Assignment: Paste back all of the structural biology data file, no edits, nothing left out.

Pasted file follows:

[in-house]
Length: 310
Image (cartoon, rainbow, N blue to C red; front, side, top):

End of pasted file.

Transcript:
[in-house]
Length: 310
Image (cartoon, rainbow, N blue to C red; front, side, top):